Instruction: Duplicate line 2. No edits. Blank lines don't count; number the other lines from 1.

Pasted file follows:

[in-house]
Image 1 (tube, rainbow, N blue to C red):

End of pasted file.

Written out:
Image 1 (tube, rainbow, N blue to C red):